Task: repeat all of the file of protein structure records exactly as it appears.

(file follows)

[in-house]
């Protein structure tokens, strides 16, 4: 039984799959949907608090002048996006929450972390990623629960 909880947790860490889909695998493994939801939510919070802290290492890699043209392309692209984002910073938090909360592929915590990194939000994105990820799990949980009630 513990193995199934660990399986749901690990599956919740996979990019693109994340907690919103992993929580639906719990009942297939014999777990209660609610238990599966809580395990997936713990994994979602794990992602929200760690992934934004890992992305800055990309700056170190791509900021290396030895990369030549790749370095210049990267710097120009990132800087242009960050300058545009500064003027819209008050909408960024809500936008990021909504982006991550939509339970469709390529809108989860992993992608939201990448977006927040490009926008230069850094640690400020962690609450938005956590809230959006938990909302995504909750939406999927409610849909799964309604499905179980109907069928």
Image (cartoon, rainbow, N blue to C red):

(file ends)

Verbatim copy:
[in-house]
């Protein structure tokens, strides 16, 4: 039984799959949907608090002048996006929450972390990623629960 909880947790860490889909695998493994939801939510919070802290290492890699043209392309692209984002910073938090909360592929915590990194939000994105990820799990949980009630 513990193995199934660990399986749901690990599956919740996979990019693109994340907690919103992993929580639906719990009942297939014999777990209660609610238990599966809580395990997936713990994994979602794990992602929200760690992934934004890992992305800055990309700056170190791509900021290396030895990369030549790749370095210049990267710097120009990132800087242009960050300058545009500064003027819209008050909408960024809500936008990021909504982006991550939509339970469709390529809108989860992993992608939201990448977006927040490009926008230069850094640690400020962690609450938005956590809230959006938990909302995504909750939406999927409610849909799964309604499905179980109907069928």
Image (cartoon, rainbow, N blue to C red):